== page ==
Pinocchio – Del Toro’s Vision of a classic fairytale
It took a full 10 years of development for Guillermo Del Toro’s Pinocchio to hit the screens of Netflix subscribers, bringing the quintessential Italian fairytale to life.
Del Toro embraces all of the Italianness of the project and fits it into a story that aims to be new, different, and not propose anything already seen, but rather bring the entire fairytale into the world that characterizes his unique style perfectly.
Guillermo Del Toro’s Pinocchio – Plot
The Oscar-winning director Guillermo del Toro and the award-winning stop-motion genius Mark Gustafson reinterpret the iconic story of Carlo Collodi. They are sending the legendary wooden puppet on a series of bizarre and fantastic adventures that span various worlds and reveal the vital power of love.
The great premise of this production is that Del Toro never intended to retell the classic story of Pinocchio. A story we have seen played out in multiple versions since the fairy tale was written and since cinema itself came to life.
Having said this, it is not necessary to emphasize how Del Toro then incorporates his personal vision and all those ranges of themes that are dear to him into the work.
Once upon a time… a piece of wood? No, a pinecone.
The pinecone is the central element of the entire story, and it follows the narrative throughout, starting with the hands of little Carlo (Geppetto’s biological son), becoming the trunk from which Pinocchio is born, and reappearing at the end, completing a full cycle.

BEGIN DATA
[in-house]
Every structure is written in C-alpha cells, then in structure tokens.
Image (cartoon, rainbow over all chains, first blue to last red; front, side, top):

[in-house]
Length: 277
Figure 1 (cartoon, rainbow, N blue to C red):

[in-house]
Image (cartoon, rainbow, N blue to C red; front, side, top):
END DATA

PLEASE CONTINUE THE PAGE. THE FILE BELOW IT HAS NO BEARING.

The pinecone motif is also recurrent in the film’s visuals, in the design of Pinocchio, some landscapes, and certain settings. The rough wood and craftsmanship are recurring themes. Del Toro’s choice of using stop-motion animation, which took ten years to produce, further highlights these elements in the story.
The child, the puppet, and the other.
The movie starts with a familiar scene where Geppetto and his son Carlo, who is clearly an homage to the author, are building a wooden crucifix for the village church. However, just as they are about to leave, a bombing occurs and the church is destroyed, taking Carlo’s life.
Geppetto falls into a deep despair, as he has no body to bury except for the pinecone that he and Carlo had chosen together. His pain is immense, and the world around him seems to be in a different dimension. He continues on with his life, but stops working and starts drinking heavily.
In his time of grief and desperation, Geppetto decides to build a new child from that tree born from that pinecone.
The scene of a dark and stormy night, with lightning and thunder, is a clear reference to Frankenstein, as Geppetto’s goal is not much different from Dr. Frankenstein’s to bring someone who is no longer alive back to life.
However, Pinocchio is not Carlo and soon realizes he is different. Pinocchio is not a child like all the others. He is and will always be a wooden puppet. A monster in the eyes of society, much like the Frankenstein monster.
The contrast is highlighted by the wooden crucifix also built by Geppetto, which is admired and idolized by the village, unlike Pinocchio.
Pinocchio finds himself in between two worlds, neither the child he cannot be nor the wood that is no longer alive, not knowing to which world he truly belongs or what his true identity is. His journey is to find out who he is and where he belongs.
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